Almost three months after Prime Minister Nuri al-Maliki declared war on Sunni militants in Iraq’s western Anbar province, the fighting seems to have descended into a series of brutal atrocities, often caught on video and in photographs by both militants and Iraqi soldiers.
Iraqi soldiers say they are bogged down in a slow, vicious fight with ISIL and other Sunni factions in the city of Ramadi and around Falluja. They describe a hellish world in which Iraqi forces are running low on tank shells, lack aerial cover, are short of armored vehicles, and have been hit by high casualties and desertion rates. More than 380,000 people have fled their homes to escape the fighting, according to the United Nations…
Now, according to the police officer, an army officer, a general and an Iraqi Special Forces member, some Iraqi troops have begun replying in kind, carrying out extra-judicial executions, torture and humiliations of their enemy and posting images of the results online.
The images and disturbing accounts from Anbar are testament to the sectarian fervor sweeping Iraq. The security forces, who are mostly Shi’ite, and the Sunni militants often see themselves as players in a larger regional and sectarian battle. The brutalities are in turn deepening those divisions and risk turning Iraq’s Sunni region into a permanent battlefield. Already the fighting is bleeding into the civil war in neighboring Syria…
The interior ministry, which has police stationed in Ramadi, told Reuters it took the allegations seriously. “If some mistakes happened, or human rights standards were violated during one of the battles, keep in mind it is not systemic,” said spokesman Sa’ad Ma’an. “If it happened, whoever committed it will be investigated, held accountable and sent to a military court.”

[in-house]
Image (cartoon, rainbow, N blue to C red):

The U.S. government has rushed nearly 100 Hellfire missiles, M4 rifles, ammunition and surveillance drones to the Iraqi military since the start of fighting in January. The Obama administration has also started training Iraqi Special Forces in Jordan. Before the U.S. military withdrawal in late 2011, the military trained, equipped and conducted operations with Iraqi Special Forces…
The insurgent group ISIL, energized by its successes in Syria, then exploited an incident in which Iraqi security forces, reacting they said to gunfire, shot dead at least 50 unarmed protesters. ISIL launched a blistering campaign of suicide and car bombings that made last year Iraq’s deadliest since 2008.
By late December 2013, the government had begun fighting back, targeting Ramadi and Falluja, which quickly became war zones…
Now some Iraqi troops have adopted the same tactics.
An officer in an Iraqi army unit assigned to Ramadi since February said he first suspected the killings were happening within weeks of his arrival. He had been sitting at a lunch with officers from the army and the Golden Division, who have borne the brunt of casualties. “They were saying, ‘We are suffering huge losses. We want to terrorize the terrorists. We want to smash and break their morale.'”
Emphasis in bold is LR’s
One thought on “Iraq: descending into chaos mirroring Syria, yet media refuses to state the obvious”
I think the most important issue that the article doesnt discuss is the situation of tribes in the area of conflict. I think the tribes support the army in this war because they tend to live under the control of real government rather than some radical islamic militias